THE B-2 ``Stealth'' bomber program, recently given the green light by the Bush administration, is a textbook example of United States defense mistakes. It has no military justification; its specific missions are either redundant or actually harmful to US security. Instead of sound strategic thinking, the B-2 represents a triumph of Air Force and weapons-contractor politics. The analogy with the MX missile is irresistible. From the standpoint of deterrence, the MX makes no sense because its vulnerability tempts the Soviets to strike first, at the same time that its high ``lethality'' against Soviet silos pushes them to use their missiles before they are destroyed. But the Air Force wanted more bang for its bucks, so they and their industrial contractors eventually pestered Congress into the first 50 of the 10-warhead MXs, and they may yet get another 50.
The B-2 has yet more political punch. The Air Force likes bombers even more than missiles. Contractors stand to reap even more profits from this $70 billion program - a cool half-billion per airplane - than from the $20 billion MX program. And contractors have taken a lead from the politically successful B-1 bomber program, letting B-2 contracts in all but three states. One company official boasts he has a map of the US in his office, bristling with pins in virtually every congressional district, to show visiting lawmakers.
The B-2's missions will be to penetrate Soviet airspace to deliver nuclear weapons against traditional targets such as military bases and industrial facilities, and secondly to seek out and destroy mobile Soviet missiles. The first mission, penetration, can be performed as well and more cheaply by cruise missiles launched from outside Soviet airspace by our B-52 and B-1 bombers.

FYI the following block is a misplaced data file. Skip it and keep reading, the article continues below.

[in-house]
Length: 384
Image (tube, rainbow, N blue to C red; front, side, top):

The second mission, to destroy mobile missiles, is destabilizing. It is one more example of the fact that, although the Air Force talks a lot about ``deterrence,'' they do not really seem to believe in it. ``Deterrence'' refers to preventing nuclear war through the threat of retaliation, by either side, for an attack by the other side. In order for this to work, both sides must have forces capable of retaliating. So it makes no sense to build a bomber whose mission is to destroy the very missiles, namely mobile ones, that the Soviets built in order to preserve deterrence!
It was the MX (and the coming Trident II missile) that forced the Soviets into mobile deployments in the first place, because the MX makes fixed Soviet silos vulnerable. The Soviet decision to go to less vulnerable mobiles was admirable. It reinforces deterrence, and it supports the notion that they are not interested in first-strike threats against us, since silo-based missiles are much better for a first strike than are the less accurate and more expensive mobile missiles.
And now the Air Force, in its wisdom, wants to target Soviet mobiles, too. It is as though we were bound and determined to force the Soviets into a first-strike posture. Fortunately, the B-2 is not terribly threatening to Soviet mobiles; it will not be effective at destroying them, and the Soviets can choose to launch their remaining mobiles if the B-2 have some effect. But, to the extent that it is successful, the B-2 does more harm than good.
It is a further example of US strategic irrationality that we face a military problem, yet the B-2 makes this problem worse while absorbing the funds that could be used to solve the real problem. The real problem is the vulnerability of US MX and Minuteman missiles.
There are solutions: The mobile ``Midgetman'' missile (half as expensive as the B-2), the shell-game ``multiple-silos'' basing scheme, ``superhard'' silos, and getting rid of US land-based missiles altogether as part of an arms control deal with the Soviets. Any of these approaches makes eminent sense.
But what is the US doing? Going ahead with MXs and B-2s that fly in the face of everything we know and profess about the deterrence of nuclear war.